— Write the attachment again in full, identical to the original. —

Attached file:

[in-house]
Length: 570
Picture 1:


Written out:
[in-house]
Length: 570
Picture 1: